It almost goes without saying, but just in case it wasn’t clear: You can’t have a feast without food. Eating meals together is a bonding experience and is considered an act of worship when you eat in unity before the Lord. So make sure you don’t turn the event into a Bible study without food. Having said that, if you’re wanting to spend Yom Kippur fasting alongside believers in Israel, fasting collectively helps the time go by faster and makes for a fuller prayer experience. And of course, don’t forget to end the fast with a feast.
Parties are best enjoyed with people. The same goes for feasts. If you’ve built a sukkah, invite friends and family to join in the celebration, even if it’s just for one meal. Then dive into the story of God’s faithfulness to the Children of Israel in the desert and why you’ve built a temporary shelter. As a family, we always discuss the temporary nature of the sukkah – just like earth is our temporary home. You can also look up Israeli songs to play in the background; most of them are great for dancing, and some are even simple enough for you to sing along.
Consider Your Surroundings
As exciting as it may feel to build a sukkah and eat or even live in it for a week, consider the safety and practicality of where you live. Many Israelis build their sukkah on their patio and sleep there. This is both because yards are rare in Israel as well as ensures people off the street don’t try to join your party at 2am.
You can also consider the option of spending the week with friends at a camping ground. Some people choose to sleep in store-bought tents and eat in a nearby sukkah together. Finally, don’t forget to consider the weather. Being in the desert, we rarely deal with rain during this time. A drizzle isn’t a problem, but a thunderstorm is no time to be outside.
Don’t Forget the Blessing! – a Hebrew Lesson
Many stories have been written about the staggering number of successful Jews around the world. From entertainment to science, it seems Jews have more influence per capita than any other people group. Their influence is so noted that conspiracy theories have spread in some cultures that Jews have a secret plan to take over the world. If they really knew Jews, they’d know that even if they wanted to, Jews wouldn’t ever agree with each on how to take over the world, let alone how to rule it once it was conquered.
So what is the secret to Jewish success? There is not one answer to this question, but I believe words play a huge role in this success.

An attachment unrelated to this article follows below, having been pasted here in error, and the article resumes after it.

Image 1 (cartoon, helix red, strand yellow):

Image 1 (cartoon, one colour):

Jewish holidays are uniquely designed to accommodate the involvement of children. Here, Israel’s president decorates the sukkah with local school kids.
While the Children of Israel are seemingly famous for complaining every chance they get, the truth is Jews bless God and each other as a habit. Even in modern Israeli culture, a typical response to, “How are you?” is, “May His name be blessed!”. Families gather weekly around the Shabbat dinner table to praise God, and fathers bless their children and wives. Holidays and holy days are full of liturgical declarations of blessing. And even when Jews speak of the dead, they add, “May the memory of him be blessed.”
A fascinating truth about words can be missed when translating the Bible from Hebrew into other languages. In Hebrew, the word for “word” and “thing/stuff/matter” is the same. God created things with the spoken word because His words were in essence “matter.” And what He spoke came into existence as He spoke it. Seeing as we are created in His image, our words carry weight as well. That is why we are encouraged to bless each other and discouraged from cursing. Our words matter because our words create matter.
When you hear people speak evil of you, you might feel a physical stabbing pain or experience loss of energy or depression. You are experiencing the reality they are creating with their words. And no, we can’t stop the world from speaking ill, but just like showering to wash the dirt off after a long day, we can counter their cursing by speaking blessings. Thankfully, blessings spoken in the name of God are more powerful than any spoken word. It’s no secret that Israel has many cursing her name. But thankfully, Israel also has people around the world speaking blessing over her people in the name of the living God.
So don’t forget the blessing! Bless your family. Bless your friends. Bless your boss, bless your authorities (whether you voted for them or not), bless your neighbor, and especially bless that person that annoys you the most. Everyone wants to be loved. Everyone is going through struggles – and some people have no one speaking life into their situation. A blessed version of that frustrating person will be more enjoyable to be around. So bless them daily, weekly, monthly – and twice on holidays.
Kobi and Shani Ferguson
Yeshua Israel Ministries is based in Jerusalem, Israel
You can also give via mail. Send check to our U.S. office: